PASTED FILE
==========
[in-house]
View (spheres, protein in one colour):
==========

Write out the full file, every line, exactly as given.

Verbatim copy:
[in-house]
View (spheres, protein in one colour):